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New Polling System Ready for Iowa Test

Jan 19, 2004  •  Post A Comment

The primary election season shifts into high gear this week with the Iowa caucuses, which will give TV networks and the Associated Press the first high-profile test of the National Election Pool, a new system for gathering voter data and providing rapid analysis.
The new system replaces the Voter News Service, first put in place in 1993 and disbanded in spring 2003 after bad calls were made in the 2000 election and the entire system melted down in 2002. “VNS was a disaster waiting to happen,” said one veteran of many election nights.
The news departments of ABC, CBS, CNN, NBC and Fox News Channel have joined with the Associated Press to form NEP, which commissioned two established polling organizations, Edison Media Research and Mitofsky International, to conduct exit surveys.
On primary days NEP will conduct exit polling on presidential, gubernatorial and congressional races and on some propositions on state ballots. Edison and Mitofsky will send as many as 6,000 people into the field to conduct the polling. The results will be fed into computers that provide detailed analysis of who voted and why. The AP’s role is to report the tabulated votes.
The new system has already been field-tested in California, where it provided accurate data during the controversial recall election that led to actor Arnold Schwarzenegger becoming governor.
There were “some fixes” in the delivery system, said one decision desk director, who added that the more facile new system also passed an “excellent test” in November during gubernatorial elections in Kentucky and Mississippi.
“There has been some fine-tuning, but overall it has worked very well,” said Linda Mason, public affairs VP at CBS News.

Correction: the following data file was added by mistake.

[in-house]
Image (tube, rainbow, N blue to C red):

No one would say how much the NEP is costing. But insiders do say it is not significantly higher than what would have been spent with VNS.
The Edison/Mitofsky system replaces a system created by the Battelle Memorial Institute. That system, which was to have remedied the VNS problems that surfaced in 2000, was not tested before election night 2002, when it basically ground to a halt under the weight of the data and the demands by users.
“In 2002 the networks and the AP put a lot of money into creating that system from scratch, and in the end it just wasn’t successful,” the decision desk director said.
AP and Edison/Mitofsky both had head starts on their systems. The AP has been tabulating votes for nearly 100 years. Warren Mitofsky created the model for the exit poll and executed it in 1967 at CBS News, where he was director of the election unit for 27 years. He founded New York-based Mitofsky International in 1993 and has on previous occasions collaborated with New Jersey-based Edison Media Research on exit polling.
NEP Workout
In Iowa, where some 1,993 caucuses will elect delegates, the polling will be done as voters enter caucus sites, because the doors to the caucus sites will be closed at 8 p.m. and there is no way of knowing when the town-hall-style meetings will break up and final delegate vote counts will be revealed.
Then all eyes-and candidates-turn to New Hampshire and its Jan. 27 primary.
By the time June 8 rolls around, primaries in 38 states will have given a thorough workout to NEP’s new setup-and to the safeguards news organization have put in place to make it less likely that the people deciding when to project or call a race would not compound computer-generated mistakes as they did in 2000.
“None of us want to repeat that,” said the decision desk director.